Load and run the simulation.

It should take less than a second. (If only all models were so fast!) As you can see, the model is fast and numerically stable. When undertaking highly-parameterized inversion, a model will be simulated many, many times; and run-times add up quickly! A modeller needs to take this factor into account during model design.

# load simulation
sim = flopy.mf6.MFSimulation.load(sim_ws=sim_ws, verbosity_level=0)

# load flow model
gwf = sim.get_model()

# run the model

Model Domain, BCs and Properties

The figure belows shows the model domain and boundary conditions. The model has 1 layer, 40 rows and 20 columns. Cell dimensions are 250m x 250m. There are inactive outcrop areas within the model domain (shown in black in the figure).

dis = gwf.dis
print(f'layers:{dis.nlay.get_data()} nrows:{dis.nrow.get_data()} columns:{dis.ncol.get_data()}')

There is a GHB along the southern boundary. All other external boundaries are no-flow.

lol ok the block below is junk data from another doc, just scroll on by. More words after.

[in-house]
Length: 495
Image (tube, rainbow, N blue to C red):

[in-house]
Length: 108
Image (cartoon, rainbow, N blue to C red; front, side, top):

The surface-water system consists of a straight stream flowing north to south, which is simulated using the Streamflow Routing (SFR) package. SFR reaches raverse the model domain from row 1 to row 40 in column 16. Surface-water flow observations are monitored in reach 40 (the terminal reach).

There are six groundwater extraction wells (red cells) and several monitoring wells (not shown).

Water enters the model domain as recharge and stream leakage in layer 1. It leaves through groundwater discharge to the surface-water, groundwater extraction and through the downgradient GHB.

# plot
fig = plt.figure(figsize=(7, 7))

ax = fig.add_subplot(1, 1, 1, aspect='equal')
mm = flopy.plot.PlotMapView(model=gwf, ax=ax, layer=0)

# Plot grid 
# you can plot BC cells using the plot_bc() 

Take a quick look at everyone’s favourite parameter, hydraulic conductivity (K):

for lay in range(gwf.dis.nlay.array):